Tag: archaeologist news

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Ancient grain tells the tale of our ancestors’ cities

Archaeological digs in the Middle East have revealed the remains of ancient harvests that record how some of the world’s earliest cities grew and developed.

Santorini eruption: new theory says ‘pyroclastic flows’ caused devastating Bronze Age tsunamis

Take the ferry to the beautiful Greek islands of Santorini and you will sail into a truly unique landscape forged by a cataclysm towards the end of the Bronze Age. From either the north or south your ship will leave the brilliant blue seas of the Aegean and enter a natural harbour flanked by majestic cliffs.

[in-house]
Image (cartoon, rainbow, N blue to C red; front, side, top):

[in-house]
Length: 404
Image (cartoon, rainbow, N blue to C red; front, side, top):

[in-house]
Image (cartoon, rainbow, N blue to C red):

How Gothic buildings got associated with Halloween and the supernatural

If you want foreboding old buildings that dark lords and werewolves are bound to frequent, look no further than Britain’s enviable Gothic architecture.

5,000 year old Prehistoric art panel uncovered

The “most important Neolithic cup and ring marked rock art panel in Europe” is being unearthed for the first time in 50 years on the edge of a housing estate in Clydebank near Glasgow.‌‌

Study cracks coldest case: How “Lucy”- the most famous human ancestor died

Lucy, the most famous fossil of a human ancestor, probably died after falling from a tree, according to a study appearing inNature led by researchers at The University of Texas at Austin.

Britain’s last hunter-gatherers discovered using breakthrough analysis of bone fragments

Archaeologists from the Universities of York, Cambridge and UCL have identified rare human bones from the UK dating to the Late Mesolithic era (around 4000 BC, just prior to the arrival of farming in Britain) using an innovative new bone collagen analysis technique.